I went to a seminar hosted by the Signal Hill PAC two years ago, about emotion-coaching – a way of helping honour your kids’ feelings. It was mind-blowing in its simplicity and its challenge – the simple idea being, all feelings are welcome feelings and warrant acknowledgement. The challenge being: uh, you know, allowing the feelings that we’ve all been programmed to suppress or cast out or identify as bad and unwelcome.
Really, I came away thinking, I better develop my emotional literacy. I can’t just tell my kid, “don’t hit, use your words,” if I haven’t also taught him some of those words.
Or as Natalie Rousseau wrote beautifully in a recent post: “Today I’m feeling a bit murky” – and it inspired me to check-in with myself at least once a day, and be a bit more playful with the words I’d choose… how am I feeling? Sure, tired, anxious, okay, stressed, happy are all good things to identify in yourself. But what about: murky, hopeful, in the red zone, jitter-buggy… Can we build our vocabulary for describing our feelings? So it becomes more fun and expansive to name them… After all, sometimes naming them is all they seem to want. Oh hello worry, I see you. Oh, you’re feeling confused and hurt by that friend who is your friend in private and then mean in public.. yeah, that does seem confusing. I wonder what she’s feeling to make her act like that? Instead of simmering and sulking when my partner cuts off my story to tell me something else, I could say, oh, I was excited to tell this story to you, I feel as though you’re saying I’m not interesting when you cut me off. Yeah, it’s adulting. Yeah, there’s no playbook. Yeah, we can’t expect the kids to do it, if we can’t do it ourselves.
Kiwi Co recently shared these tips on helping kids cope with anxiety.
This year has brought a stressful stream of uncertainty to households across the world. As parents, we’ve had to rearrange our lives in order to adjust to the times. The pressure of constant problem solving is heavy, but we aren’t the only ones feeling the weight. KiwiCo talked to our go-to child development expert, pediatrician Dr. Dimitri Christakis (aka Dr. D), to learn how outside influences affect our children and what we can do to help them manage anxiety.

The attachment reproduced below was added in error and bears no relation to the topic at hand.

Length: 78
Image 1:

Learn more about Dr. D’s child development expertise and research here (link).
From the pandemic to protests, and politics, are children being emotionally impacted by all the stressors of 2020?
We’re seeing an increase in anxiety and depression in older children and a fair amount of fear and concern in younger children. I would go so far to say that infants (nine months and younger) are also being impacted indirectly by the stresses of the past year. Children of all ages have been impacted directly whether it’s not going to school, not being able to be with friends, or not seeing family. And they’ve also been impacted indirectly — which is equally profound — whether it’s parental loss of work, financial pressures, or even parents working at home and everyone being in close proximity.
How does parental stress affect children?
Children are going to look to you for your reaction to what’s going on, and they can sense your stress. Even infants can sense parental stress. There’s the old adage on the plane that parents need to put on their own oxygen mask before putting on their children’s, and that’s the case when it comes to stress. In your interest in supporting your child, don’t neglect yourself. Parents need to practice self-care first in order to be able to help their children deal with their own stress. So giving yourself and your children grace is essential to seeing your way through all of this.